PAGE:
Background: Previous reports suggest that complete tolerance to H2 receptor antagonists (H2RAs) in patients with regular H2RA medication may be due to hypergastrinemia-increased histamine synthesis or upregulation of H2 receptors. As proton pump inhibitors (PPIs) have been reported to induce hypergastrinemia (similar to H2RAs), patients receiving long-term medication with PPIs may show tolerance to preanesthetic H2RA. Therefore, we studied the efficacy of an H2RA, roxatidine, in patients receiving long-term PPI medication.
Methods: Effects of H2RA in 15 surgical patients receiving a regular PPI for more than 4 weeks (PPI+H2RA group) were compared with those in 30 patients not receiving regular PPIs or H2RAs (None+H2RA group and None+None group, n = 15 each). Oral roxatidine was given to both PPI+H2RA and None+H2RA group patients as an anesthetic premedication, while it was not given to None+None group patients. Gastric volume and pH were measured after induction of anesthesia.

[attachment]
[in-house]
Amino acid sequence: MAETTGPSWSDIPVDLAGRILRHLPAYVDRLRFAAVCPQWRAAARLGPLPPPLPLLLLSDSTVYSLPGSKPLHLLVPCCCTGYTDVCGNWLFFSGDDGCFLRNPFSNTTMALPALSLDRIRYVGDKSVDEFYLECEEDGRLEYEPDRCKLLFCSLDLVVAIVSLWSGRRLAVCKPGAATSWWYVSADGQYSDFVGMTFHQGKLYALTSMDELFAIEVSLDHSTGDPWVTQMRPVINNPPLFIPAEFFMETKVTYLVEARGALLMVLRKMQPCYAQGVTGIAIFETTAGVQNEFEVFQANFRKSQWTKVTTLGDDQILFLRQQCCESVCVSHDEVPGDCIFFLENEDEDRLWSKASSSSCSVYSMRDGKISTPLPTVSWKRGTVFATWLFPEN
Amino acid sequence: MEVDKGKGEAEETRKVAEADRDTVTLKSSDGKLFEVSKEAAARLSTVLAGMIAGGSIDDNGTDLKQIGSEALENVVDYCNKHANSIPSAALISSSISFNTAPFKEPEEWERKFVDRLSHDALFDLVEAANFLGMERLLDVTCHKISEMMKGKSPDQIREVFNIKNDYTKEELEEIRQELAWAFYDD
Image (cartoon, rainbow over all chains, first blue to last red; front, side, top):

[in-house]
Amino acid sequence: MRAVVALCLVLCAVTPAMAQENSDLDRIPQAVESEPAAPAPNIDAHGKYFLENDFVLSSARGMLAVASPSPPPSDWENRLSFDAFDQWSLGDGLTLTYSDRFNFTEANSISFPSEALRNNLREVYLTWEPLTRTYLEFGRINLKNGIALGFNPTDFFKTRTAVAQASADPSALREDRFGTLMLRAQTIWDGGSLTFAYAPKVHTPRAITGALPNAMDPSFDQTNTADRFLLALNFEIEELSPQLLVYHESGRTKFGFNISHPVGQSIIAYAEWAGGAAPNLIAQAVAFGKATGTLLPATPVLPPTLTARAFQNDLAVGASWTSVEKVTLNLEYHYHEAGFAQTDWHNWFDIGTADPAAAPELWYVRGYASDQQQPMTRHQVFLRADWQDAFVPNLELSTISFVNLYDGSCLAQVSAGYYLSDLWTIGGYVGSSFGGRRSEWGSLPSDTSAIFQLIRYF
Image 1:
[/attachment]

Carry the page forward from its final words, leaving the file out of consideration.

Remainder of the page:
Results: Gastric pH and volume (ml) in the PPI+H2RA group (5.79 +/- 1.61 and 9.1 +/- 16.7, respectively) were both similar to those in the None+H2RA group (5.54 +/- 2.20 and 9.7 +/- 10.8, respectively) but were significantly higher (gastric pH) and lower (volume) than in the None+None group (2.29 +/- 1.84 and 29.3 +/- 22.8, respectively, P < 0.01).
Conclusions: These data suggest that long-term PPI medication may not induce a tolerance to H2RAs.